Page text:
We, as a people, are obsessed with the underdog story. It’s everywhere, it transcends cultures, language barriers and even time. As long as there has been humanity there has been the story of someone facing unbeatable odds and either overcoming them or dying heroically in the face of that inevitable death, becoming an inspiration for all. It’s also this underdog story that has lost a bit of its sincerity in the world of sports over the past few decades. While everyone still loves that underdog story, we’ve become obsessed with the concept of “the best” and our “underdog story” involves characters that seem more Ivan Drago than they do Rocky.
Maybe it is our celebrity-obsessed culture that is fueled by the internet that has drawn us in this direction? Sports are now about the teams that have the biggest budgets and can attract the biggest stars, it’s about these stars owning huge homes, fleets of expensive vehicles and employing impressive staffs to keep everything running like clockwork. Floyd Mayweather is the biggest combat sports draw, the same man who served time for tax evasion and makes over one hundred million per fight. Our underdog story is no longer about supporting the actual underdog as much as it is wishing that we all were the underdog and were going to be whisked away into the world of being rich, powerful and famous just like these filthy rich athletes.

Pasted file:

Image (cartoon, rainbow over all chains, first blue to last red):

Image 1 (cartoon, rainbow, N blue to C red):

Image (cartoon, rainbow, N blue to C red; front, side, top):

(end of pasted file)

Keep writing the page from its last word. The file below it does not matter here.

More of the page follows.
It’s this very world that needs a hero, it’s this very world that needs Mark Hunt.